Innovation time for India's cyber crime
Source: The Times Of India
BY ALLEN O'BRIEN
Date: November 12, 2003
An employee of the Bank of India tapped his organisation’s computer network and gathered data on all keys pressed, including passwords, by monitoring the CCTV. Finally, he was caught.
Nazim Shah, an Iranian hacker, was arrested recently for utilising computer networks to illegally transfer cash into his account and using ATMs to withdraw cash from the Commercial Bank of China.
GS Bhatnagar, a resident of south Delhi, realised that Rs 10,000 had been siphoned off from his account at SBI through his ATM card. This, when Bhatnagar had never used his card.
MBA graduate Akaash Singh hacked into an ATM facility using a counterfeit card to mop up several lakhs of cash from a Canara Bank branch in Chennai while using a metallic sleeve.
Malice in wonderland is indeed growing curiouser and curiouser by the day. Says cyber-crime lawyer Sunjay Mathur, ‘‘ Each time a cyber crime is detected, there is talk of strengthening the security network. However, in many cases, the organisation concerned doesn’t take necessary steps. Consequently, crime of a similar nature is repeated.’’
Even though the actual value of losses accruing to cyber crime in India might not be substantial, nearly 39 per cent of these cases are related to banks and financial institutions excluding those of the government. The inference here is that criminals find banks to be a lucrative target for their ingenuity — a word which finds many interpretations. ‘‘Cyber crime may be data-related — such as data diddling/tampering, theft of data, blackmail using data, unauthorised locking of data, and entry into databases^; system-related such as tampering with programmes, changing programme logic, trojan horse programmes^; hacking^; mailbox bombing,’’ elaborates National Centre for Research in Computer Crimes (NCRCC) director Rakesh Goyal.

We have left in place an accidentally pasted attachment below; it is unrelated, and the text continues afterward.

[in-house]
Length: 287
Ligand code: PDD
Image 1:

Simultaneously, instances of credit-card fraud have become common given the growing popularity of credit card transactions, Internet banking and ATMs. ‘‘Carelessness while conducting ATM transactions has increased the risks associated with technology-driven financial transactions because a third party gains access to PIN (personal identification number) and other personal information of a genuine user. A Lebanese Loop scam, for instance, involves a plastic or metal sleeve constructed to fit into the card slot of an ATM machine. When a user inserts a card into the slot, the card is caught in the sleeve. When the PIN is entered, the transaction does not follow and the scamster, pretending to be a good Samaritan’ urges the victim to try again, taking note of the PIN as it is repeatedly entered. Meanwhile the victim gives up and the scamster removes the card with the help of a tool and drains out the user’s account,’’ informs computer spyware specialist, Apex India, Nandini Chawla.
At the same time, with leading software companies in India installing secure ID solutions alongside global companies , things seem to be on the positive front. ‘‘Organisations are beginning to really understand the pitfalls of making their information available to various parties even within the organisation. Still, certain companies are reluctant to install Intranet security systems,’’ says Srikiran Raghavan, regional manager for India operations, RSA Security.
As of now, the dot-con man seems to be a few clicks ahead of cyber-crime sleuths. At the same time, the search engine is on. Only the website story can reveal how long the cyber criminal is able to Escape the Net of the law.
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